After a few years’ absence, the Dew Drop Inn has returned to downtown Goshen.

A downtown staple at its former 227 S. Main St. location for nearly 40 years, the original Dew Drop Inn closed its doors back in late 2016 when bar owner Kenneth Carner’s health began to decline and he decided to sell the building to entrepreneurs Jason Oswald and Brandon Miller, who converted the longtime watering hole into its current iteration, The Elephant Bar.

But according to Pat Carner, Kenneth’s wife, he couldn’t escape the bar bug for long, and in 2018, with his health beginning to improve, he decided to purchase the former Courthouse Pub building at 132 N. Main St., with plans to reopen the Dew Drop at a new location.

“So this is the New Dew Drop Inn,” Pat said of the new downtown bar, which officially opened last Monday. “He wanted to keep the Dew Drop name going, so he named it the New Dew Drop Inn. But before we could open, he got sick and he passed away in July. So now, even though he’s gone, it is still considered his bar. And I’m keeping everything the way he wanted it.”

Prior to its reopening, the building required some extensive remodeling, Pat explained.

“We’ve remodeled everything. We redid the floor from front to back. We redid the ceiling, all of it,” she said of the work. “We painted the top part, put new fans in, put grease traps in, did some plumbing work. Just a lot of renovations.”

Even with all the renovations, however, Pat said her goal was to try and keep the New Dew Drop’s atmosphere as close to the former location’s as possible.

“It’s pretty well the same,” she said of the final product. “We have a dart machine, the jukebox, pool. We’re going to have draft beer on Wednesdays. It’s going to be a $6 pitcher instead of $8. Every Wednesday we’re going to have a special drink, something like that. It’s currently beer and wine, and I’m trying to get the liquor license. So, I’m in the middle of trying to get that now. But we do have beer and wine.”

In addition to the bar’s beverage offerings, hungry patrons will also have a few food offerings to choose from at the new location, from frozen pizzas and sandwiches to hot dogs and smoked sausages.

“So comfort foods, things like that,” Pat said.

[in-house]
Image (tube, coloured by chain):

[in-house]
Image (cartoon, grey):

Given the long delay between the building’s purchase and eventual opening, Pat said she’s excited to finally get the chance to open her doors to the public.

“And they’re happy to have us back. They’re all tickled to death,” Pat said of the bar’s fans. “Before I could open, they kept saying, ‘Well, when are you going to open? We hear you’re going to open.’ Then something would happen where I couldn’t. So, when I finally told them I was going to be opening Monday, it was like ‘OK, we’ll see.’ But I fooled them, and we did.”

The New Dew Drop Inn is currently open from noon-10 p.m. Monday through Thursday, and from 10 a.m. until the early morning hours Friday through Sunday.

WHITE HORSE SOLD

In addition to the New Dew Drop Inn, Goshen’s downtown will also soon be getting a new family-friendly restaurant in the former White Horse bar building, located at 110 N. Main St.

The building was purchased by new owners Roger and Laurie Nafziger back in August at the urging of their son, Aaron Nafziger, current owner of the Constant Spring bar in downtown Goshen.

According to Roger, Aaron had originally planned on putting a new restaurant above Constant Spring on the second floor, but after considerable time and logistical difficulties, decided to scrap the idea as it was too expensive.

With the former White Horse location, Roger said the new plan is for Aaron and his kitchen manager at Constant Spring to operate a new restaurant out of the space that will include a main dining area, a back patio and a bar area for those 21 years of age and older.

Roger noted renovations at the building are currently ongoing, with more details about the restaurant’s name, menu and hours of operation to be released later this year.

“They are experimenting with some things. I know the lunches will be soups and salads and sandwiches and so on, but as far as the dinner, they’re still working on that,” Roger said in an interview about the new restaurant late last year. “But I do know it will not be the same menu as Constant Spring. And once they come up with a menu and get a little more clarity on what they want to create there, then they’ll come up with a name for the restaurant.”

John Kline can be reached at john.kline@goshennews.com or 574-533-2151, ext. 240315. Follow John on Twitter @jkline_TGN.

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